I’ve been doing a series on regular expressions (aka regex) and am now diving into their uses in sundry marketing tools we have at our disposal. In this video I demonstrate how to use regex in Search Console.
Google announced in February that it had added the ability to filter using regex in the Search results report (under Performance in the left navbar).
Then Google announced in June that it was sweetening the deal by giving us the ability to exclude filter results. Anyone who’s had to filter out brand terms appreciates how valuable this tweak was. Google has a few tips in its help page, but I demonstrate how you can use them to solve for real-world business questions and problems in plain English in the video below.
I walked through the options available to you as well as some real-world applications of how you can use regex in these filters.
Other Regex Posts
This tutorial is part of a series I’m doing on regex and how to use it in a variety of marketing tools. If you have no idea what regex is or how to use it as a marketer (think filters on a vegan diet doing CrossFit several times a week), you’ll want to start with my intro to regex post. I break it down in simple language, give you practical examples of real-world use cases and the code to practice along with me, and basically hand you the keys to the kingdom. When you learn how to use them, you’ll wonder how you ever got along without them.
The other tutorials can be found in my regex tag page.
To access the regex option, click on + New at the top of the report and select Query or Page from the drop-down.
Then choose Custom (regex), followed by either Matches regex or Doesn’t match regex.
Filters Are Persistent
If you use regex in a report in Google Analytics and then navigate away from that report, you will lose that filter. Not so in Search Console. All filters you apply are sticky and persist from report to report (in the Performance reports anyway) until you close them out. You can only get that functionality in Google Analytics by creating an advanced segment, but if you’re a larger site segments can trigger sampling pretty fast.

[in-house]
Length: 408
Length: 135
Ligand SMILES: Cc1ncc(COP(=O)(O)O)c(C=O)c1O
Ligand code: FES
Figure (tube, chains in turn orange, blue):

There are a number of practical uses I cover in the video. Some of these include the ability to:
- filter out brand terms to see the generic keywords you rank for.
- evaluate the performance of your site for generic keywords (since brand terms skew your data).
- see the keywords driving impressions and clicks for a particular directory (or group of directories) of your site.
- create keyword sets that you can then use in Google Sheets (which has a set of regex functions), BigQuery (or whatever tool you use to query your database(s), Tableau, Data Studio, etc. Excel doesn’t offer regex-friendly functions, but its Advanced Filters really hold their own and offer functionality you can’t get from regex.
- test your regex before using it elsewhere. The ability to toggle between matches and doesn’t match regex is helpful in writing regex that’s too loose (and matches keywords or pages you don’t want to include) or too stingy (leaving behind valid matches).
- analyze the page(s) ranking for a particular set of keywords. This benefit can’t be overstated. I’ve seen homepages rank for keywords a money page should have been ranking for just to find out there were significant performance issues with that page. At any time you can copy a URL (hover over it in the report and select Copy URL to clipboard (far-left icon).
- analyze if visitors are landing on the proper country pages if you manage a site with pages offered in different countries. I once found a correlation between landing on the wrong country page with low Net Promoter Scores. You would do that by selecting a regional directory using a page filter (or directories if you have multiple per country like a client I’m currently working with), and then navigate to the Countries tab. If you have visitors from countries you have dedicated pages for and the country you’re looking at isn’t your x-default, you have a problem.